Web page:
Living the nano-dream

ASPEN, Colo. — Aspen is like all other ski towns in the West, except exaggerated. There, the locals talk not only of McMansions, but of Garage Mahals.

But the flip side is what might be called the Nanohomes – at least compared with the big homes. Aspen Times reporter Jeanne McGovern explored that aspect of Aspen, noting that some 4,500 of the town’s residents – almost half – live in homes that are smaller than the national average.

For the record, that national average has been expanding: from 1,600 square feet in 1973 to about 2,400 square feet as of 2004. Aspen is not a city suburb, but a place of superlatives in almost every way. Because they want to have their children in the good local schools and to avoid the commute, many locals are willing to make this trade-off of smaller homes.

"We understand the suburban dream, but we don’t need it," says McGovern who, with her husband, is rearing children in a three-bedroom condominium – with no particular aspirations to ever find a house.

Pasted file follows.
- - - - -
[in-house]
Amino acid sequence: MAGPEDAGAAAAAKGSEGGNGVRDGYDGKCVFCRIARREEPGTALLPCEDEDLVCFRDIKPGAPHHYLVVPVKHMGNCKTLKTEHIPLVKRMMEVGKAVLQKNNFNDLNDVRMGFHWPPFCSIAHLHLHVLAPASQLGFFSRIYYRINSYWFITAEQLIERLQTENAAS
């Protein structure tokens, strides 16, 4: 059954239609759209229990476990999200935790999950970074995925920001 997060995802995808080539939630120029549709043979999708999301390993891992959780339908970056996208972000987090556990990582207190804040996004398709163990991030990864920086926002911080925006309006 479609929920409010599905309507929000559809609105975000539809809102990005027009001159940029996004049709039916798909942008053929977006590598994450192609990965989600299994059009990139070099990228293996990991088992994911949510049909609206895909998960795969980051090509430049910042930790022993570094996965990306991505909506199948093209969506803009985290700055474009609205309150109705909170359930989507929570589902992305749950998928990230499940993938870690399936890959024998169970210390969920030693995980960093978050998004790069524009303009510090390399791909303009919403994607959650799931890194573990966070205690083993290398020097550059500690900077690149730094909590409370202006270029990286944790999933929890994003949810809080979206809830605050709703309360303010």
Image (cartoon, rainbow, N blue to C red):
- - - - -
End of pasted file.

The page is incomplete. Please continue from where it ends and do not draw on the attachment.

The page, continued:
It is a lifestyle choice, says a young single professional, Erik Skaravan. "Living small allows you to live big in Aspen," he says.

Film fest speakers remembered

BANFF, Alberta — Bernadette McDonald, the director of the 31-year-old Banff Mountain Film Festival is moving on, eager to get at several writing projects. Started in 1976 as a one-night slide show, the festival has expanded to a nine-day extravaganza that draws about 10,000 people.

Through the years the festival has featured any number of climbers. Among those who spoke McDonald remembers Reinhold Messner, who "dominated that stage," she said. Another was Sir Edmund Hillary. And not least was Carlos Carsolio, the fourth and youngest man to climb all 14 of the world’s 8,000-metre peaks without supplemental oxygen. "It was the most emotional presentation of mountain climbing I’ve ever seen," McDonald told the Rocky Mountain Outlook.